Blackbird devouring a red berry
A tree brimming with berries is a splash of colour – and will help feed your local blackbirds in the winter | Chris / Unsplash

Make a list of colours (perhaps the rainbow spectrum of red, orange, yellow, blue, indigo and violet, and add in greys and browns) and then set out for a stroll or settle down by the window to see what you can see. Tick each colour off as you see it, and see who can be first to spot those rarer colours!

'Even at this time of year there’s a whole rainbow of colours to be seen.'

Look out for unexpected splashes of colour in people’s gardens or containers: cyclamen and winter pansies can offer a bright flurry of pinks and purples. And some trees still hold onto gorgeous autumnal hues of red and orange deep into winter- look out for the last few fallen yellow leaves from any Gingko Biloba trees near you, or the deep brown crispy oak tree leaves that curiously manage to hang on the tree all winter long!

Hiking boots beside icy patch in the mud
Be extra careful puddle hopping in the ice, but use the slippy patches as a chance to look and listen closely | Annie Spratt / Unsplash

4. Puddle hopping

There are no two ways about it: the weather in England can be pretty grey and damp in winter. We reckon your best bet is to embrace the mud and the wet!

Before you leave the house, we suggest leaving old paper or cardboard or used plastic bags by the door… Best to be prepared. Then pop on some messy clothes and sturdy or old shoes, or wellies if you have them, and get splooshing!

Choose the prime puddles for a good old splash, and have a stomp through every patch of mud you see.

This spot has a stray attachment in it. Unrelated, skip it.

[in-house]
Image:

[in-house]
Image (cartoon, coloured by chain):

'Tune into the sounds of the icy puddles as they snap beneath your feet.'

If the weather is icy then take extra care – but tune into the sounds of the icy puddles as they snap beneath your feet. A sensory adventure!

5. Feed your friends

This time of year, wildlife can do with a helping hand to stay well-fed and watered. Cold weather and ice can make it harder for birds to find food and they’ll appreciate a little boost from their human friends.

Homemade bird feeder with great tit eating from plastic bottle
Get crafty to make your own bird feeder and watch birds like this Great Tit enjoy it! | Nbgbgbg / iStock

And this one is a win-win, as not only are you helping nature but you’re also giving yourself a ringside seat on nature! Bird feeders can be found at garden centres, local shops and supermarkets but if you’re feeling crafty you can also make your own as a family, and then hang them somewhere where you should be able to see their visitors from indoors.

The next bit brings you back to that cosy sofa! Settle down with some snacks and wait for the birds to come and enjoy theirs. Just watching them is fun enough, but you can also gamify it by trying to work out what you’ve seen – we love this RSPB spotter’s guide – or see how many you can tick off on their Spot It! checklist. Even in urban areas, you’re likely to get some hungry visitors.

A young boy in bright wellies walks through mud
Don't hold back: embrace the mud this winter! Bill Waters / CPRE